Another Route that is conventional to ECAE processing is “Route D.” Although not illustrated, Route D (sometimes referred to as Route C′) involves rotating billet 102 either plus 90° for four consecutive passes or minus 90° for four consecutive passes.

Routes A through D, as described above in conjunction with FIGS. 2A through 2E, utilizing multiple passes, have not been adequate to obtain the best combination of grain refinement, microstructural uniformity, and material yield, especially for materials such as Bi2Te3 and tantalum (either VAR or EB cast). Thus, the present invention seeks to address this problem, and others, by introducing an equal channel angular extrusion method, as outlined below in conjunction with FIGS. 3A through 3D.

FIGS. 3A through 3D illustrate an equal channel angular extrusion method according to the teachings of one embodiment of the present invention. For simplicity purposes, this method is referred to herein as “Route E.” Route E processing includes a minimum of four passes, each of which is respectively shown in FIGS. 3A through 3D. Throughout the description of these FIGURES, a circular material element 300 and a square material element 302 that are associated with billet 102 are used to illustrate both the orientation of billet 102 during each pass and the shear strain that each of the elements 300 and 302 realize during each pass. To further aid in understanding the position and/or orientation of billet 102 during each pass, billet 102 has an area 304 marked with an “X.” The method outlined in FIGS. 3A through 3D is also described with reference to FIG. 1 in which ECAE die 104 is assumed to be used for the Route E processing.

FIG. 3A illustrates the first pass of Route E processing. Accordingly, billet 102 is inserted in inlet channel 106 in a particular orientation and exits outlet channel 108 in a position 306. In position 306, a side 308 of billet 102 shows square material element 302 after undergoing a shear strain, as illustrated by the elongation of square material element 302. A side 310 of billet 102 shows circular material element 300 essentially unchanged. Billet 102 is then raised on its end to prepare for the second pass.

FIG. 3B illustrates the second pass for Route E processing. Accordingly, billet 102 is rotated 180° about long axis 204, as indicated by reference numeral 312 before being inserted into inlet channel 106. Billet 102 exits outlet channel 108 in a position 314. As illustrated by position 314, side 308 shows that square material element 302 is returned to its original shape. In addition, side 310 shows that circular material element 300 is still unchanged. Billet 102 is then raised on its end to prepare for the third pass.

FIG. 3C illustrates the third pass for Route E processing. Accordingly, billet 102 is rotated either positive or negative 90° about long axis 204, as indicated by reference numeral 316. Billet 102 is then inserted into inlet channel 106 and exits outlet channel 108 in a position 318. As illustrated by position 318, side 310 shows circular material element 300 after undergoing a shear strain, as illustrated by the elongation of circular material element 300. A side 308 of billet 102 shows square material element 302 essentially unchanged. Billet 102 is then raised on its end to get ready for the fourth pass.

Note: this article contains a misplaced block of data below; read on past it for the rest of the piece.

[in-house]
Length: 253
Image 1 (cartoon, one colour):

FIG. 3D illustrates the fourth, and final pass of one complete cycle of Route E processing. Accordingly, billet 102 is rotated 180° about long axis 204, as indicated by reference numeral 320 before being inserted into inlet channel 106. Billet 102 exits outlet channel 108 in a position 322. As illustrated by position 322, side 310 shows that circular material element 300 is returned to its original shape. In addition, side 308 shows that square material element 302 is still unchanged. This effectively ends one full cycle of Route E processing according to the teachings of one embodiment of the present invention. In a particular embodiment, Route E processing is repeated twice, which means that a total of eight passes are performed.

According to the teachings of another embodiment of the present invention, an ECAE process is now described. For simplicity purposes, this method is referred to herein as “Route F.” Route F differs from Route E as described above only in that the billet orientations prior to each pass are different by reordering. More specifically, in Route F processing, before the second pass billet 102 is rotated either positive or negative 90°. Then, before the third pass, billet 102 is rotated 180°. And finally, before the fourth pass billet 102 is rotated negative or positive 900, respectively, depending on the rotation that was performed before the second pass. In other words, if billet 102 was rotated negative 90° before the second pass, then billet 102 is rotated positive 90° before the fourth pass. Conversely, if billet 102 is rotated positive 900 before the second pass, then billet 102 is rotated negative 90° before the fourth pass. This ensures that circular material element 300 and square material element 302 experience similar shear strains during both Route E and Route F processing.

The methods described above and illustrated by FIGS. 3A through 3D (i.e., Route E and Route F processing) facilitate the orientation of shear strains to be at intersecting directions, as illustrated by the change in shapes of both circular material element 300 and square material element 302 during the four passes. Both Route E and Route F processing obtain a favorable combination of worked microstructural uniformity, grain refinement, texture, and material yield compared to Routes A through D. These advantages are generally described below in conjunction with FIGS. 4 through 6.